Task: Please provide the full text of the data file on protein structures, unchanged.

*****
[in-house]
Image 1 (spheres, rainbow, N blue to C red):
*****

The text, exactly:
[in-house]
Image 1 (spheres, rainbow, N blue to C red):